The Great Construction Dust Up

Construction dust can be a real nuisance.

Few activities add as much dust to a home as a construction. Even minor remodelling projects kick up an amazing amount of dust – from chunks of sawdust to the fine particulates released when cutting sheetrock or tile. Dust prevention and removal are critically important to help prevent disease – and there are steps builders (and DIYers) can take to minimize dust during and after a project.

Did you know?

While it is true that you can see some dust – like chunks of sawdust (90 microns) and barely visible house dust (20 microns) – more than 98% of all dust in the air is much smaller and isn’t “visible” to the naked eye. Some of this dust is between 2.5-10 microns in diameter (PM2.5–PM10), but the vast majority are smaller than 1 micron (PM1).

“Dust prevention and removal is critically important to help prevent disease”.

Large dust particles are easily trapped in nose hairs. Smaller particles are stopped in the sinuses or deposited in the first branches of the lungs. But it’s the fine and ultra-fine particles that comprise the majority of dust that can penetrate deepest into the lungs and cause many health issues.

Bottomline: Healthy construction minimizes dust.

Minimizing dust reduces exposure and individualized reactions from dander, pollen, fragments of mold, bacteria, outdoor “dust,” as well as other allergens and irritants. It also reduces “food” sources that provide nutrition to micro-organisms when sufficient moisture is present. The less dust you bring in during construction, the healthier you can leave the job site!

How dust-free to do you have to be? Since the needs of occupants differ as much as job sites, it is important to have an open conversation at the start of a project to assess everyone’s needs. This will allow all parties to agree on types of cleaning that should be done, the level of removal needed, and how to verify completion.

There are two main ways that builders can help homeowners minimize dust and any negative reaction to exposure:

1. Minimize construction dust.

The most effective way to reduce the amount of dust inside houses is to not create dust to begin with. During remodelling and construction, avoid sawing, cutting, or sanding wood and sheetrock inside the house. This is especially important when there are surfaces that are not easily cleaned, like unfinished wood and insulation before the stud or joist bays are enclosed with sheetrock or other material.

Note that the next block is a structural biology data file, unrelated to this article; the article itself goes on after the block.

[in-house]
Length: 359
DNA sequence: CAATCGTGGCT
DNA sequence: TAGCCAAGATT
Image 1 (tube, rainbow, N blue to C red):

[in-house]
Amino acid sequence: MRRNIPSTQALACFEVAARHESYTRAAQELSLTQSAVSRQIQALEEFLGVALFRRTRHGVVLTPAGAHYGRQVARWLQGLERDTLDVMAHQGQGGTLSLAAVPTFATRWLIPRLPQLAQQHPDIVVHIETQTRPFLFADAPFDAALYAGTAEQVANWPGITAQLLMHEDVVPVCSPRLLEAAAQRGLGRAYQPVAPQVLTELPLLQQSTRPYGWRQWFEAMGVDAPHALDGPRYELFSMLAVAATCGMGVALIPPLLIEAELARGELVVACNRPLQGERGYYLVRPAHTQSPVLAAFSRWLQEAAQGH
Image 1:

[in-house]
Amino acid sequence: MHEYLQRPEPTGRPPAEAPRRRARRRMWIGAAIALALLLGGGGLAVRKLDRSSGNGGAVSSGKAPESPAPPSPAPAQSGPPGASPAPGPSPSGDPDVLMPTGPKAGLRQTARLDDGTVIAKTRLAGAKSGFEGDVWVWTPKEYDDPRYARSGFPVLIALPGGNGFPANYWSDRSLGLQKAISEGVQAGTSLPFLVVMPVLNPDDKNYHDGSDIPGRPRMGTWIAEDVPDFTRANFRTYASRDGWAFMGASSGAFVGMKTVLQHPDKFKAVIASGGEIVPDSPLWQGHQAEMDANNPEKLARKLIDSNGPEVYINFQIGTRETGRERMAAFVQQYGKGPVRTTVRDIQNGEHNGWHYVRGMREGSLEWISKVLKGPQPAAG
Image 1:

“The most effective way to reduce the amount of dust inside houses is to not create dust to begin with.”

2. Isolate and remove the dust.

To remove construction dust and other visible types of particles from areas that will be painted or otherwise enclosed, follow these steps:

Alternatively, to remove construction dust from areas that will not be painted or enclosed, or to meet pre-occupancy needs of individuals who are dust sensitive, do the following:

The final step is making sure that everything is properly clean. Verification of cleanliness should be conducted in the following order:

Follow these two broad principles, and you’ll go along way to avoiding the scourge of construction dust, which can seriously impact health.

To learn more about additional conditions in your home that may be impacting your health, take the Hayward Score survey today! Get suggestions on how to make your home healthier, as well as detailed, personalized Action Plans to get you started.

Getting to a healthy home can seem daunting, but it is possible and our experts are here to help! You can Ask an Expert, and one of our Hayward Score team members will contact you within 2 working days to schedule your call.

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Carl Grimes
Hayward Score Healthy Homes Director Carl Grimes has both the personal experience of how an unhealthy home created his own disabling health issues, plus professional experience in various industries working in the Indoor Air Quality (IAQ) field. Carl also wrote Starting Points for a Healthy Habitat in 1999, detailing possibilities of what could occur in a house to make its occupants sick, how to identify what was happening, and what to do about it.
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